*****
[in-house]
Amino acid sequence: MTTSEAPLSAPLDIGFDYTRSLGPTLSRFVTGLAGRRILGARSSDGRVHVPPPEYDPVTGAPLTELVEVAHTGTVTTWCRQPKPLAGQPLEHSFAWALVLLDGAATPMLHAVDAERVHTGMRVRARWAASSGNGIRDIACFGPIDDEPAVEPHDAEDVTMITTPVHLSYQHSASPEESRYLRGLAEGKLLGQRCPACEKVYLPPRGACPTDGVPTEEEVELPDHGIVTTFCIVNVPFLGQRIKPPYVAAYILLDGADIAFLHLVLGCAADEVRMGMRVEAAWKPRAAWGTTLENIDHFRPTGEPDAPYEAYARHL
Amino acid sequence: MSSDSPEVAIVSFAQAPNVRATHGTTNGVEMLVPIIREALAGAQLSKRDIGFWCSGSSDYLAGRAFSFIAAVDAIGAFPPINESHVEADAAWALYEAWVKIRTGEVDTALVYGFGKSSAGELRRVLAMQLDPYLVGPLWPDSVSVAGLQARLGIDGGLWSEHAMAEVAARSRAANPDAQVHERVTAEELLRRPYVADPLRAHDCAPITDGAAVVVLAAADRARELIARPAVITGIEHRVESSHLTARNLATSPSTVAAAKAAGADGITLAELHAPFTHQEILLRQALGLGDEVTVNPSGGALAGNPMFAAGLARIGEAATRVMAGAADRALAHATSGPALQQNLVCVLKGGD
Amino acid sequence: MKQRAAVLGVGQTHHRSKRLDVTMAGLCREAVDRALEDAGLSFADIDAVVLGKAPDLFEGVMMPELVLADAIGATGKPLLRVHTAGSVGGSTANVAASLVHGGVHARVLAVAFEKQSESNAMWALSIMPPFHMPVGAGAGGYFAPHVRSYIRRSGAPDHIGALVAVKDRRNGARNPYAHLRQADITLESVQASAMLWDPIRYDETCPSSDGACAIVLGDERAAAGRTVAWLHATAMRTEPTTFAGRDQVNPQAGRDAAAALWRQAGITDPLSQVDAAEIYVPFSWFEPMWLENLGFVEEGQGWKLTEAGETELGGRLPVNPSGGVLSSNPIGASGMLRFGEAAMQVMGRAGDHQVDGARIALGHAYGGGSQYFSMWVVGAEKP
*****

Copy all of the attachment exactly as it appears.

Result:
[in-house]
Amino acid sequence: MTTSEAPLSAPLDIGFDYTRSLGPTLSRFVTGLAGRRILGARSSDGRVHVPPPEYDPVTGAPLTELVEVAHTGTVTTWCRQPKPLAGQPLEHSFAWALVLLDGAATPMLHAVDAERVHTGMRVRARWAASSGNGIRDIACFGPIDDEPAVEPHDAEDVTMITTPVHLSYQHSASPEESRYLRGLAEGKLLGQRCPACEKVYLPPRGACPTDGVPTEEEVELPDHGIVTTFCIVNVPFLGQRIKPPYVAAYILLDGADIAFLHLVLGCAADEVRMGMRVEAAWKPRAAWGTTLENIDHFRPTGEPDAPYEAYARHL
Amino acid sequence: MSSDSPEVAIVSFAQAPNVRATHGTTNGVEMLVPIIREALAGAQLSKRDIGFWCSGSSDYLAGRAFSFIAAVDAIGAFPPINESHVEADAAWALYEAWVKIRTGEVDTALVYGFGKSSAGELRRVLAMQLDPYLVGPLWPDSVSVAGLQARLGIDGGLWSEHAMAEVAARSRAANPDAQVHERVTAEELLRRPYVADPLRAHDCAPITDGAAVVVLAAADRARELIARPAVITGIEHRVESSHLTARNLATSPSTVAAAKAAGADGITLAELHAPFTHQEILLRQALGLGDEVTVNPSGGALAGNPMFAAGLARIGEAATRVMAGAADRALAHATSGPALQQNLVCVLKGGD
Amino acid sequence: MKQRAAVLGVGQTHHRSKRLDVTMAGLCREAVDRALEDAGLSFADIDAVVLGKAPDLFEGVMMPELVLADAIGATGKPLLRVHTAGSVGGSTANVAASLVHGGVHARVLAVAFEKQSESNAMWALSIMPPFHMPVGAGAGGYFAPHVRSYIRRSGAPDHIGALVAVKDRRNGARNPYAHLRQADITLESVQASAMLWDPIRYDETCPSSDGACAIVLGDERAAAGRTVAWLHATAMRTEPTTFAGRDQVNPQAGRDAAAALWRQAGITDPLSQVDAAEIYVPFSWFEPMWLENLGFVEEGQGWKLTEAGETELGGRLPVNPSGGVLSSNPIGASGMLRFGEAAMQVMGRAGDHQVDGARIALGHAYGGGSQYFSMWVVGAEKP